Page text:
Dar Es Salaam 29th March 2018 – The Lake Victoria Fisheries Organization (LVFO) in collaboration with the IOC Smartfish released the first phase of the Economic and Financial Impact Assessment for the Lake Victoria Fisheries, today in Tanzania. The study highlights the economic results and focusses on impact indicators for the Lake Victoria Fisheries. This study has involved the three National Fisheries Research Institutes from Kenya, Tanzania and Uganda working in close collaboration with the LVFO and the Indian Ocean Commission SmartFish Programme, funded by the European Union.
“The three riparian Countries have now paved the way for a home-grown tool that can be used to conceptualize, plan and implement the appropriate fisheries management, development and policy based on economic variables. » said Dr. Robert Kayanda from the LVFO Secretariat, Jinja Uganda.
The present study focused on the economics of the various fishing units, employment in the sector, income generated etc. It should be noted that the Lake provides for the needs of millions of people and income for the countries concerned. The study sampled a total 666 of fishing units, representing 32,175 fishing units including foot fishers. The study also indicated that an average of 92 tons per year is caught by each of the sampled fishing units, irrespective of fishing type with an annual turnover of 93,506 USD.
“The economic value of the fisheries of Lake Victoria has never been estimated” said Sunil Sweenarain, the IOC-SmartFish Coordinator. “The Fisheries of the Lake Victoria is a promising sector and not just for subsistence. This study is paving the way for a sustainable business model in Africa and it is to be noted that the scope of the EFIA in informed decision making and management cannot be overemphasized” he concludes
The regional Economic and Financial Impact study for the Lake Victoria Fisheries highlights the following indicators:
- The Gross-value added or wealth sector
- The Intermediate consumption (goods & services being used)
- The Direct employment created
- The Income distribution
- The Total investment from the private sector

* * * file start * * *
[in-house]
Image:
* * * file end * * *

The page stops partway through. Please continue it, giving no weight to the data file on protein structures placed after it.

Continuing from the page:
Lake Victoria cuts across three East African nations in varying proportions: 6% in Kenya, 43% in Uganda and 51% in Tanzania. Whereas Kenya’s sector of the lake is relatively smallest, it provides the most productive and economically richest fishery nationwide. Annually, Lake Victoria fisheries in Kenya account for 77% of the total quantity of fish landed and 64% of total value at the fisher’s end. In Tanzania, the lake provides for some 60-70% of total landed catch. It also provides employment for over 100,000 people working as boat owners and fishing crew and over 500,000 people working in the post-harvest sector as fish processors, traders and fish agents in Tanzania. In Uganda, the Lake Victoria involve some 66,000 fishers.
“This study is complementary to the Frame and hydrographic surveys and a useful set of tool to help the LVFO conduct advocacy activities and assist the decision makers get a holistic view of the lake which would greatly help in decision making. It will also provide crucial information to appropriate adaptation strategies to maximize the effective utilization of fisheries resources of the lake” said Dr. Robert Kayanda.
Notes to editors
The SmartFish Programme, implemented by the Indian Ocean Commission (IOC) and funded by the European Union, is the largest Fisheries Programme in Africa, involving 20 countries in East and Southern Africa as well as the Indian Ocean region. The IOC is a Mauritius-based inter-governmental organisation which promotes sustainable development through projects covering management of natural resources and biodiversity mainly supported by the European Union.
The Lake Victoria Fisheries Organization mandate is to coordinate the management and development of fisheries and aquaculture in East African Community and its mission is to promote Sustainable Management and Development of Fisheries and Aquaculture in the East African Community for Food Security and Wealth creation.
For more information:
Robert Kayanda, Director-Fisheries Resource Monitoring and Research, Lake Victoria Fisheries Organization, email@example.com, Mob: +256 753621027
Toky Rasoloarimanana, IOC-SmarFish Communications Officer, firstname.lastname@example.org, Whatsapp/VIber : +230 57433661